Writing mental illness: Part 1

 One of my strengths as a writer is characters with mental illness.  It is something I find fascinating and have read a lot of nonfiction and fiction about different kinds of mental illness.  I’m also the person who sees the person standing by the grocery store with a large sign saying “Meat, eggs and dairy hold the spells in” and stop to ask more.

            Statistically, one in four people will have a diagnosable mental illness in their lifetime (National Alliance on Mental Illness).  Chances are, you already know someone who has a mental illness or has had one in the past.  Most mental illness stems from the things you and I do, see or feel every day, but taken to an extreme of duration or severity.  Everyone feels sad sometimes.  If it lasts too long and is too severe, it is clinical depression.  Everyone’s had times where they thought someone called their name in a crowded room, or thought they heard the telephone rang when they were in the shower, but it turned out no one had called.  Normally, we can easily dismiss these things we thought we heard and go on with our day without questioning our own sanity.  Make those moments more severe and more difficult to dismiss and you can get the auditory hallucinations of schizophrenia. 

          Writing realistic characters with mental illness isn’t just taking a list of symptoms from the American Psychological Association’s Diagnostics and Statistics Manual.  It is taking the time to understand the effects on the character, and how they react to what they are experiencing. People don’t always suffer from mental illness. Most learn to cope in some way or another, even if some coping methods can bring along a new set of problems.  Their age, experience, and relationships with other people will also affect how they deal with the mental illness.

That guy who was holding the sign at the supermarket? He was in his fifties.  He had paranoid delusions long enough that he’d gotten past the initial instincts people often have of running and fleeing to try to find somewhere safe from his persecutors.  He’d stayed alive long enough that he knew some tricks to how to stay safe, and he was brave enough that he was willing to risk the consequences of being caught in order to warn his fellow countrymen and women about how to protect themselves as well. He cared about us and he worried for us, and I have to appreciate the time he was taking to try to help us when, from his perspective, we were the ones who were blind to the true dangers of the world. We were the ones that needed help.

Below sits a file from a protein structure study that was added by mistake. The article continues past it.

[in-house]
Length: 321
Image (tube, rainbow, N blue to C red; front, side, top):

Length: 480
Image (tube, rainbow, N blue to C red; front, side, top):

Mental illness is a difference in perspective. Some people may receive different information from the perceptions that they use to construct their own inner world.   Within that world people usually have much the same emotions (albeit in different proportions), desire for human connection, desire to bring something valuable to the world, fears, hopes, regrets as anyone else, it can just be harder to connect to others who’s internal worlds are so different from their own.

As writers, we are also constructing different internal worlds all the time. The difference between writing and mental illness is how easily we can move from one internal world to the next, while people with mental illness often have difficulty leaving their internal world and trying to see life from another’s perspective.  The richness of every person’s mental landscape can be just as detailed as our science fiction settings, and just as interesting to reveal.

Reading the list of symptoms of a condition can give you some ideas on what to include in a character you want to have a specific diagnosis, maybe give you some ideas for quirks you haven’t thought of before, but developing good characters means developing their internal world. Science fiction words and fantasy worlds have rules as to way the universe operates, and it affects what the characters believe and behave and how the plot unravels. Mental illness is also an internal world that has rules that affects what the characters believe, behave and feel.  Just like with other worldbuilding, everything needs to be internally consistent based on the rules of that world.

loyalty world layers

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